I did ask this, but I suspect in the wrong place. So what I would like to do is plot data points over date around its average and standard deviation, here is the data;

If I plot this over dates on a line graph it keeps on calculating the average for every single date value on the X-axis. It seems power bi sums the tonnes for date value on the x-axis, divided by the amount of date values, which is just one, meaning giving me the tonnes value for that day. I cant seem to calculate a sort of lifetime average for day, week, month, …ect.
If you could please help with this?

Then I would also like to plot a normal distribution for this over the following data intervals

Just a little bit more on the average, the average and standard deviation should be for the FY, but the graph must be plotted over days since I want to show the daily data points around this FY average and std.

Thank you for the reply. I’ve tried AVERAGEX, but the problem is, because there is only one data point per day, the average per day is just again that particular amount for that day which just gives me the tonnes per day.

I don’t know if you will be able to see it, but there is light blue line which is the average for the financial year and the two red lines are obviously the standard deviation with then the tonnes for each day plotted inside and around the standard deviation and average respectively.

Now I think AVERAGEX in a calculated column can work, but then I assume its going to be (Total tonnes for whole table)/(count(data points)) and I need to be able to get the average for just the FY.

Ok I’m a bit confused then, as you described you wanted to find the average of this column and then place it in a line chart with a daily context. So you’ll have to give me more detail around the ‘average’ that you actually need.

I don’t recommend placing an AVERAGEX in a calculated column. You won’t need to. But I would have to understand what average you mean. Is it a moving average, and rolling average, monthly average, weekly average. Understanding which one is very important as the formulas will all be different

One recommendation with these (and just generally when learning DAX) is to look at the numbers versus the visualisations. When you see the numbers you can get a much better grasp as to what a formula is actually doing and it’s behaviour in a certain context.

In this context it would be a moving average in FY now that I think about it, meaning I want to calculate the average tonnes per FY so it will change from FY to FY. The result should be a flat average per FY, so when I plot the tonnes per day over DATE(days), I want to see a straight line which is the average tonnes for that particular FY with the daily tonnes plotted over around the FY average.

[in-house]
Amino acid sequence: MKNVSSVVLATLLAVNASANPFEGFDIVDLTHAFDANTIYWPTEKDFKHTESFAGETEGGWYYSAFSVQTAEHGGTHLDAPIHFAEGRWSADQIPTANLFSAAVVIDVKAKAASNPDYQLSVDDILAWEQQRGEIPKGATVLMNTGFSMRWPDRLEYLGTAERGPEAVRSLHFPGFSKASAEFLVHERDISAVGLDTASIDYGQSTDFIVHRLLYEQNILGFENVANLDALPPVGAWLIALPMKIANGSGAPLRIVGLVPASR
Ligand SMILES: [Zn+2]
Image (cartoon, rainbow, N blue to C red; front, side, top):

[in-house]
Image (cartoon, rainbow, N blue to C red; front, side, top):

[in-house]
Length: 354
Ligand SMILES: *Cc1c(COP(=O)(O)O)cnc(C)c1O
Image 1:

The straight line I am referring to would be a simple Average = (Total tonnes for FY)/Days per FY. A simple example would be; lets assume my tonnes for the current FY so far is 10000 with 4 days into the financial year, my average tonnes/day for this FY would be, 10000/4 = 2500. Assuming the tonnes for the 4 days was as follow, day 1 = 2500, day 2 = 5000, day3 = 500 and day 4 = 2000. When I plot this on a line chart over days, I would like to see a straight line which is 2500 for every day, with my tonnes for every day plotted around this line.

It feels like I am making this a lot more complicated than it should be due to my lack of knowledge on dax.

Ok so I found a way to do it, quite a work around, but alas it worked.

Ok sure, so if you wanted to calculation average per financial year you could use a measure formula like this.

CALCULATE( Average( tonnes column), ALL( Dates), VALUES( Financial year column from date table) )

That is one way to get that calculation.

Regarding the standard deviation, I haven’t worked with this too often but there is both PERCENTILE.X and also a range of STDEV functions.

I would have a look through all of these function first to see which one you think will give you what you need as they all have slightly different nuances to them.

Then check out this tutorial as a bit of a primer on how to structure statistical analysis type formulas

The standard deviation technique will be similar to this example, just using a different function